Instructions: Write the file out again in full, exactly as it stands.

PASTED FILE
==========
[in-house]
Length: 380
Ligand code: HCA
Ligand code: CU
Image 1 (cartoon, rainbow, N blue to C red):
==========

[in-house]
Length: 380
Ligand code: HCA
Ligand code: CU
Image 1 (cartoon, rainbow, N blue to C red):